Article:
critique, part three
A good critique, I think, is an in-depth, constructive conversation about an artist’s work; my last post gave some ideas for facilitating that dialogue. Key to a good critique is a degree of control that the artist has over the situation-- choosing in advance what to show, and in a situation in which you feel at ease, open, ready to speak and listen.
But most of us have found ourselves in uncomfortable situations that I call pseudo-critiques. More or less unexpectedly, you are confronted with unsolicited and unhelpful advice, criticism, or analysis. A situation like that is not to be confused with an actual critique, since there is no genuine conversation. They are more like sneak attacks, and put the artist in a defensive position. It may help to be aware of a few likely scenarios where pseudo-critiques may happen. These include:
At a gallery reception
. It may be argued that when the work in on public view, it is open for criticism, and that’s fine in a written review. But I don’t feel that the reception is the time and place --it’s hard enough for the artist to stand around for two or three hours being pleasant and outgoing without having someone lecturing about what changes are needed in a certain painting or that the work is obviously derivative of so and so’s. (Both are pseudo-critiques I have endured at openings.) After all the artist has been through to put on the show, the reception is a time to take in some glory and celebrate.
During an appointment with a gallery director.
The gallery needs to decide if work is in line with its vision and client preferences, but criticism is uncalled for. A restrained “I’m afraid your work isn’t a good fit for us” is standard, along with some polite chit chat to ease the tension. Of course, the artist might decide to ask for reasons if the work is rejected, and that could be helpful and informative, but it isn’t required. Many will find the situation to be judgmental enough as it is. (Again, I speak from experience, having endured –years ago--a humiliating lecture from a gallery director about my lack of color sense…I had to wonder why she’d agreed to look at it in the first place.)
With uninvited studio visitors.
When a friend or relative decides to drop in to an artist’s studio, you are should steer clear of any urge to defend, explain, or apologize for what you have going on. Quite likely the current painting will be in a state of chaos and confusion—at least that’s how the timing usually works for me. But even if everything looks great, an uninvited visitor should wait to be asked before saying much—even positive remarks can actually be unwelcome (such as the dreaded, “don’t touch that, it’s perfect as it is!”) Again, you may choose to invite dialogue, if there’s a gut feeling that this is the right time, and the right person. If not, it’s easy enough to treat the situation as the casual drop in that it is, and talk about anything but the art.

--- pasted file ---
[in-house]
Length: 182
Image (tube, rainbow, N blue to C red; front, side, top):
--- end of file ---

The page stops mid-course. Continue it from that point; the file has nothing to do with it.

When guests scrutinize artwork hanging in your home.
One time, a visitor of mine told me that one of my dark charcoal drawings too depressing for the living room. I couldn’t think of a thing to say in response. Would we criticize anything else in somebody’s house? I suppose some people would, but considering the personal nature of art and artistic taste this is not a good idea. At the risk of being repetitious-- there’s no need to defend or explain.
When passers-by comment on artists working in public.
Artists painting on location are usually not doing so to attract an audience or a steady stream of comments, and they’re under no obligation to educate or entertain. Some may choose to do so, but at their own discretion. Most will be trying hard to tune out any distractions.
These scenarios all put the artist in an awkward, distracted or defensive position. How to handle them? The same strategies that work against you in a legitimate critique setting (see my last post
) can come in handy when you really don’t want to encourage the conversation. Or a polite (if slightly sarcastic) “thanks for the feedback” and a quick change of subject will do.
On the other hand, in any situation you can also make the choice to engage in dialogue about your work, if you are so inclined--if you sense that there’s something of value to be gained. The hard part (I know from experience) is to keep your wits about you and not get drawn in where you don’t want to go.
The painting above, Blue Vestige, is 24"x24", oil and mixed media on panel, finished today.